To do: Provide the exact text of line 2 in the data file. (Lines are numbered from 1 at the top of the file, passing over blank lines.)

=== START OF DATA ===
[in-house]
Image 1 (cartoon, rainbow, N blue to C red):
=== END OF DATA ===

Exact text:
Image 1 (cartoon, rainbow, N blue to C red):